New Landscape Horticulture certificate creates more career opportunities
While teaching a new course in Sustainable Landscape Practices several years ago, Matt Brooks, a Landscape Horticulture instructor at Dakota County Technical College, discovered that his students were hungry to delve deeper into the sketchy dynamic between food and health in the United States and around the world. Brooks’ students knew their future careers in the green industry were somehow linked to the fate of food–they just didn’t know how.
They devoured several illuminating books by Michael Pollan, a professor at the UC Berkeley Graduate School of Journalism, including Omnivore’s Dilemma, In Defense of Food, Second Nature and Botany of Desire, all centered on bettering humankind’s often precarious relationship with nature, plants and food.
Students also viewed a number of documentaries profiling today’s globalized food systems and their direct and indirect effects on our environment. Poisoned Waters, a Frontline documentary, poured dark light on the grim state of our nation’s waterways and the degradation caused by industrialized agriculture, urban runoff, and the toxic soup of pharmaceuticals, household products and personal hygiene items flushed into septic systems every day.
Food, Inc., took an unnerving peek at the nation’s corporate-dominated food industry, where modern agribusinesses seem fixated on plopping cheap, expedient food-like portions on the pie-chart parcels of MyPlate (formerly the food guide pyramid). Other documentaries focused on the urban and suburban obsession with ultragreen, weed-free lawns and their hidden costs. Still others reminded the class of the natural landscapes that once thrived across the country and how a return to that more pristine state could help restore fragile ecosystems.
Both the reading list and films alarmed and awakened Brooks’ students, leading to lively class discussions and thoughtful essays. His students shared connections they made between the abysmal state of society’s collective health, a health care system addicted to prescribing pills and removing body parts, unsustainable health care costs, and the nutrient-deficient substances people are resigned to calling “food.”
Early on, student reactions fluctuated between anger and despondency. Many saw little hope for change. A landscape architect with a passion for health food and sustainable landscapes, Brooks saw things differently. He told his students to look on the greener side. Problems are opportunities in disguise. And the state of the nation’s food system was one big problem knocking on their door.
After viewing the documentary, The Power of Community: How Cuba Survived Peak Oil, students perked up and became more hopeful. The film tells the story of Cuba’s “Special Period,” which is the traumatic space in the island nation’s history when the Soviet Union imploded. The year 1990 infused desperation in the Cuban people. Imports from the Soviet Union were slashed, oil by 50 percent, food by 80 percent. Cuba’s industrial-style agricultural machine, once sustained by petroleum and mass-production pesticides and fertilizers, returned to a system of old, one based on organic food grown in nearby urban locations using a local labor force.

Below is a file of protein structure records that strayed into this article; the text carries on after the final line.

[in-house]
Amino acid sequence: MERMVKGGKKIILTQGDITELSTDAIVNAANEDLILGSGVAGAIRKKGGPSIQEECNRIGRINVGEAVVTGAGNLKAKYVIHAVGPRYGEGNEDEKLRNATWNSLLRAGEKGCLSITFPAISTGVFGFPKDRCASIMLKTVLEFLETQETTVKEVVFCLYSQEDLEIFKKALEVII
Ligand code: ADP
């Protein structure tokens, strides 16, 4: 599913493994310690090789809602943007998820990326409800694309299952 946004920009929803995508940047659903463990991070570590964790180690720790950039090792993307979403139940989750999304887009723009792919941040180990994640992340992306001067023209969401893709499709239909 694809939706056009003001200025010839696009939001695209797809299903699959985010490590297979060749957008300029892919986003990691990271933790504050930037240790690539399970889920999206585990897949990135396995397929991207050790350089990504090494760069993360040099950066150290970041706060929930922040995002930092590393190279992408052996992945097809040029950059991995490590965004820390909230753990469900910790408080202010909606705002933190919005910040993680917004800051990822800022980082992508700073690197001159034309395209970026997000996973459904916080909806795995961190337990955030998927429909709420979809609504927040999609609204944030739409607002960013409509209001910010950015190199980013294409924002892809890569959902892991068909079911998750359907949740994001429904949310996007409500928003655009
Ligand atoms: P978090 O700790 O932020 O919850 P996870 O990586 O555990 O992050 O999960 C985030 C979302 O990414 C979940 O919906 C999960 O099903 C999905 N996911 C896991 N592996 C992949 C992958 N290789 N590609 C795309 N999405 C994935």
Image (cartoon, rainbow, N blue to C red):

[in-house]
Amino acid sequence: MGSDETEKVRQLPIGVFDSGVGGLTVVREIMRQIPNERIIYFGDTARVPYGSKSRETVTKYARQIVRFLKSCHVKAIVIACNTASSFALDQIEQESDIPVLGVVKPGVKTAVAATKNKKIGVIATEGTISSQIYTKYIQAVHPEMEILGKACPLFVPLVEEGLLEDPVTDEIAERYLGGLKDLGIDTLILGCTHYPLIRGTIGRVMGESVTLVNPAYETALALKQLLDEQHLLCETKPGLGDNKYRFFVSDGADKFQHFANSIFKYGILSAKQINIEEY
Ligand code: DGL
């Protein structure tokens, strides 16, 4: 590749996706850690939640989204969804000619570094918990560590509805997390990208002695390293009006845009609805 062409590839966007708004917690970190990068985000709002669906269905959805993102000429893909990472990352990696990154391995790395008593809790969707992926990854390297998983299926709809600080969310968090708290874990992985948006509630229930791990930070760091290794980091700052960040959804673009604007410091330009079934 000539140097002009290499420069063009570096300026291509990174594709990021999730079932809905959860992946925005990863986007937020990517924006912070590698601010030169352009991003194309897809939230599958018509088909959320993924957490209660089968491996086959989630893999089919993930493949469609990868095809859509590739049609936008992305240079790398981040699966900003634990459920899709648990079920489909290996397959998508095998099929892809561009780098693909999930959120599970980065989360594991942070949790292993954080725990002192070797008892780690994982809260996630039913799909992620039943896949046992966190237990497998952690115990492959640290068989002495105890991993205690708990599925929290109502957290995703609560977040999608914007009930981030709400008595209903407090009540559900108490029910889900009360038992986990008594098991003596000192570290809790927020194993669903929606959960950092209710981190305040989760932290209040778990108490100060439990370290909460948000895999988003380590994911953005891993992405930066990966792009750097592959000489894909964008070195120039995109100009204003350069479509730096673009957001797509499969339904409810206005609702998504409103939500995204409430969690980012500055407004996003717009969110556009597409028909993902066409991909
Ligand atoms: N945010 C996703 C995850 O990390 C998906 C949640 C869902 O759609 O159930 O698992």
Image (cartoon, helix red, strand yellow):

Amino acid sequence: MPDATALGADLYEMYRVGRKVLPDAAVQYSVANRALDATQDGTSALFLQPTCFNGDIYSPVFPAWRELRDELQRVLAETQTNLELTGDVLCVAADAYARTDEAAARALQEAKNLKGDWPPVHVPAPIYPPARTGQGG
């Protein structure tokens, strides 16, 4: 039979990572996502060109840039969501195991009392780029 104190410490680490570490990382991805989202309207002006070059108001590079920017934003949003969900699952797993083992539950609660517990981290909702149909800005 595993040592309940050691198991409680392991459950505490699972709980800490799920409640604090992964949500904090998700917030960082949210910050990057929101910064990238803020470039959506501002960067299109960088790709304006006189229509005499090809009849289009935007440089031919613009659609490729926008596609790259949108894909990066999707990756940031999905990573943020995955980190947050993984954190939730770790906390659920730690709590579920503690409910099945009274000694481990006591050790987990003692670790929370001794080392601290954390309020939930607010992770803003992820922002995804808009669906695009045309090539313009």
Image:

The “new” farming methods emphasized healthy soils and nutrition. The success of the urban farming revolution catapulted horticulturists and farmers to a loftier status as the benefactors of their produce began to recognize and appreciate their creativity and resolve. More jaded consumers in developed countries like the U.S. typically overlook the hard work of their farmers, sealing off their connection to food at supermarkets and big-box grocers, where price and convenience trump nutrition and taste.
After completing the Sustainable Landscape Practices course, Brooks’ students were making brighter connections between concerns for their own health, the bizarre state of planetary food systems and the disturbing corruptions of the world’s ecosystems. They wanted to do something about it. Matt Brooks wanted to do more, too.
Knowing it was time to take the next step, Brooks decided to create new courses for the college’s Landscape Horticulture program, courses that could be offered as part of a new certificate called Sustainable Food Systems. Through this new offering, students could explore their interests in becoming part of the food-health crisis solution by expanding their knowledge base to include sustainable methods of growing nutritious food. They could also learn how to translate this tastier aspect of horticulture into meaningful, influential and rewarding careers.
Equipped with a master’s degree in landscape architecture from the University of Minnesota and a bachelor’s in landscape architecture from the University of Illinois at Urbana-Champagne, Brooks has more than 25 years of experience working in the landscape industry. His core philosophy is built on designing landscapes that are both aesthetically compelling and wholly protective of people and the environment. His expertise in the essential ornamental facets of horticulture has served him well during his career, but as time went on he experienced a professional yearning that was going unfulfilled.
Inspired by the enthusiasm his students showed for sustainable landscapes, including their connections to the labyrinth of healthy soil-healthy food-healthy body, Brooks’ own interest in more ecological, food-based landscapes increased to the point where he resolved to augment his knowledge base. He needed to know more about how horticulture best practices can work together to satisfy the human desire for beauty, healthier minds and bodies, and elemental nutrition.
Over the last two years, he earned certifications in urban farming from the Permaculture Research Institute-Cold Climate in Minneapolis and Permaculture Design from Whole Systems Design in Mad River, Vt.
He also took a one-year sabbatical to research different methods of sustainable agriculture along with the smartest ways to teach those methods. As part of his sabbatical, Brooks participated in the Land Stewardship Project’s Beginning Farmers program 2013. He attended the Midwest Organic and Sustainable Education Services (MOSES) conference in La Crosse, Wis. He visited with numerous smaller scale food-growing enterprises throughout the Upper Midwest.
“It’s amazing and encouraging to see all of the exciting things going on out there,” Brooks said. “Every day, people empowered by the desire to eat and live well are taking charge of their own destiny rather than waiting around for someone else to do it for them.”
Brooks is excited about the new Sustainable Food Systems certificate, which will be offered for the first time fall semester 2013. He knows the coursework will fill a gap for students wishing to expand their horticultural knowledge to include proven sustainable methods of growing nutritious (and better tasting) food. The certificate option provides affordable access to this vital information, giving students the ability to broaden their horticultural skill range while opening doors to new opportunities.